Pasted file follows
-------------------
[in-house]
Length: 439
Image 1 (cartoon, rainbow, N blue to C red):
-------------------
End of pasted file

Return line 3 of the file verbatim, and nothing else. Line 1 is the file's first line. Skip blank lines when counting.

Image 1 (cartoon, rainbow, N blue to C red):